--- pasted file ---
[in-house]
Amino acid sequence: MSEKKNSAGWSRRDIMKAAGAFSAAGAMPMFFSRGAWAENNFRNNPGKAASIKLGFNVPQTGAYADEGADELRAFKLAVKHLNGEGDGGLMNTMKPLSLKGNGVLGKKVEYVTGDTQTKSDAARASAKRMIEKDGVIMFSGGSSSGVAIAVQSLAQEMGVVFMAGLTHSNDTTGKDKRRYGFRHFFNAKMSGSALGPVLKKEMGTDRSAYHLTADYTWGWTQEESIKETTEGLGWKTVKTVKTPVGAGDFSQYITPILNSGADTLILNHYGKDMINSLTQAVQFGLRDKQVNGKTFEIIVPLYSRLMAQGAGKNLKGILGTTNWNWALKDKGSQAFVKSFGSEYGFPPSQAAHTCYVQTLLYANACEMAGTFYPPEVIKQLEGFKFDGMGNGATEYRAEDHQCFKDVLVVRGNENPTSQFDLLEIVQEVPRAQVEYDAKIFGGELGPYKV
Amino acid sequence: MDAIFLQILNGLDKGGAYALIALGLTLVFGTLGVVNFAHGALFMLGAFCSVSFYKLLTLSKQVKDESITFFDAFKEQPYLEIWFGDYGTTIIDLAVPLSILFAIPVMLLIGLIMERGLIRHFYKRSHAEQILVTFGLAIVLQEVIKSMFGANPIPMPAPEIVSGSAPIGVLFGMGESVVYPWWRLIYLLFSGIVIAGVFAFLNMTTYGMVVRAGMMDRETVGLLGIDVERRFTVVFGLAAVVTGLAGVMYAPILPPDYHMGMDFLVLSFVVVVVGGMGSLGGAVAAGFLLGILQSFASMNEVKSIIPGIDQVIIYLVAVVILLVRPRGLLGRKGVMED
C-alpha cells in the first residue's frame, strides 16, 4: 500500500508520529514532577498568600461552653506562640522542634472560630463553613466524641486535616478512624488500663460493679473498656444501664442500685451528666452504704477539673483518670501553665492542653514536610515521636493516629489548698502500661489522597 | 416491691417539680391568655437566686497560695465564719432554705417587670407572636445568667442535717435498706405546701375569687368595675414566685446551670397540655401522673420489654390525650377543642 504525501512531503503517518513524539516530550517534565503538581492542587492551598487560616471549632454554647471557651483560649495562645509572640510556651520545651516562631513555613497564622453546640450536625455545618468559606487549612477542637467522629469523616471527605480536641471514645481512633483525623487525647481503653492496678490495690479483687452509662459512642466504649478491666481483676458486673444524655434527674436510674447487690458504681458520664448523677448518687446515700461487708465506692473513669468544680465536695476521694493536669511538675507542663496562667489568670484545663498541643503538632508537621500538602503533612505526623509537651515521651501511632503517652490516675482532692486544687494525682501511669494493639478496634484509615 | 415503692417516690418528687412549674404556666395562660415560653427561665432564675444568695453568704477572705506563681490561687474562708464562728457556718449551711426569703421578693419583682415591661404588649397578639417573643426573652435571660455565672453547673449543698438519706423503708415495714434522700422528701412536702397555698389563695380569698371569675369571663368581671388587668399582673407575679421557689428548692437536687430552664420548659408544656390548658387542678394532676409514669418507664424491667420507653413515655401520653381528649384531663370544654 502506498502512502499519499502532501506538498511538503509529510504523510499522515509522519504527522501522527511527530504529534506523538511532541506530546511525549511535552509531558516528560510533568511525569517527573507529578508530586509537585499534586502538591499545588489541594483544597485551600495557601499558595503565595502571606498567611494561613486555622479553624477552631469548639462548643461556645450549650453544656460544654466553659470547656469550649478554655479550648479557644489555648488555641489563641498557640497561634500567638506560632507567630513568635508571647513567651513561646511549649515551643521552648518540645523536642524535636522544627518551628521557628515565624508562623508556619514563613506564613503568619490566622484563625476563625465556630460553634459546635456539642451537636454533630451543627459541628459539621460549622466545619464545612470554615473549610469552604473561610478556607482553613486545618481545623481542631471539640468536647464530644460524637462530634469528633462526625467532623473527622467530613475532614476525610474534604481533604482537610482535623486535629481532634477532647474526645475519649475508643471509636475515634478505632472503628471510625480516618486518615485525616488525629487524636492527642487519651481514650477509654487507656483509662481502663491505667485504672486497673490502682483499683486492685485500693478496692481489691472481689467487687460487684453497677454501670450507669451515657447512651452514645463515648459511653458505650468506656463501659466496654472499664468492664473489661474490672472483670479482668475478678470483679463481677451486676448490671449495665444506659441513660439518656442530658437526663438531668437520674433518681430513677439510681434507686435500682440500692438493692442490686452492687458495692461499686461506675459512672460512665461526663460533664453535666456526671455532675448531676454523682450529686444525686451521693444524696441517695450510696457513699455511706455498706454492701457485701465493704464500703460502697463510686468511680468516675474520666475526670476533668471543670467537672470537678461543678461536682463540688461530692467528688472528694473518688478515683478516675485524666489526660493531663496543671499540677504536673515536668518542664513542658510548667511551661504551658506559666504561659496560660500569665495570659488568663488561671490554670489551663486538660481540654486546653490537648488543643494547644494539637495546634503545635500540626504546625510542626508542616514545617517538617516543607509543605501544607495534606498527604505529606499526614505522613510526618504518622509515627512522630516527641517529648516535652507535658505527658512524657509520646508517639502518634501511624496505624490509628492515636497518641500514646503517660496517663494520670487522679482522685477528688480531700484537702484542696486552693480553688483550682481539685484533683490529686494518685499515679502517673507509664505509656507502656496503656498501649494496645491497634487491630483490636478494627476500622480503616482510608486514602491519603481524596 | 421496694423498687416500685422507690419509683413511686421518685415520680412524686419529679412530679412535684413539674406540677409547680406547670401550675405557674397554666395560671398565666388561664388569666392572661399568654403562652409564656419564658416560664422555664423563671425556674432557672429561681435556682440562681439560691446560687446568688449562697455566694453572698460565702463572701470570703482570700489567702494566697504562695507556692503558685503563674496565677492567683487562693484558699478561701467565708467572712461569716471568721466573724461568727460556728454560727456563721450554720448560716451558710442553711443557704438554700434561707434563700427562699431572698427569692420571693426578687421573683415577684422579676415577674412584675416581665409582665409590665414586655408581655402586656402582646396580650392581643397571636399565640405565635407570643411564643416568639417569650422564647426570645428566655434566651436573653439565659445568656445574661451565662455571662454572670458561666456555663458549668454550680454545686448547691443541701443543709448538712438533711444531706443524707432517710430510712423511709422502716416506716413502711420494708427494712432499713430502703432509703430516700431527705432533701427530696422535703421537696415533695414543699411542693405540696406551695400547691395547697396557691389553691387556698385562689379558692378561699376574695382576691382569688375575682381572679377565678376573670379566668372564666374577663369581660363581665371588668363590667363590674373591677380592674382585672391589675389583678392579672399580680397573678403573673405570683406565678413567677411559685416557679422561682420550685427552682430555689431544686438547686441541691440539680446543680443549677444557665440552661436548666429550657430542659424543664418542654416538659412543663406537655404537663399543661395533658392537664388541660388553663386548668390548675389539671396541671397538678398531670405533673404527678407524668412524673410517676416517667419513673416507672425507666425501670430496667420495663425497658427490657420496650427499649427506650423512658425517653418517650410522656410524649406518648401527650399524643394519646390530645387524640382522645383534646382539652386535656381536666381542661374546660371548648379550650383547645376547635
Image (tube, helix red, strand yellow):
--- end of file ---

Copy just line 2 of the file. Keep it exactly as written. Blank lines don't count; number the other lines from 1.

Amino acid sequence: MSEKKNSAGWSRRDIMKAAGAFSAAGAMPMFFSRGAWAENNFRNNPGKAASIKLGFNVPQTGAYADEGADELRAFKLAVKHLNGEGDGGLMNTMKPLSLKGNGVLGKKVEYVTGDTQTKSDAARASAKRMIEKDGVIMFSGGSSSGVAIAVQSLAQEMGVVFMAGLTHSNDTTGKDKRRYGFRHFFNAKMSGSALGPVLKKEMGTDRSAYHLTADYTWGWTQEESIKETTEGLGWKTVKTVKTPVGAGDFSQYITPILNSGADTLILNHYGKDMINSLTQAVQFGLRDKQVNGKTFEIIVPLYSRLMAQGAGKNLKGILGTTNWNWALKDKGSQAFVKSFGSEYGFPPSQAAHTCYVQTLLYANACEMAGTFYPPEVIKQLEGFKFDGMGNGATEYRAEDHQCFKDVLVVRGNENPTSQFDLLEIVQEVPRAQVEYDAKIFGGELGPYKV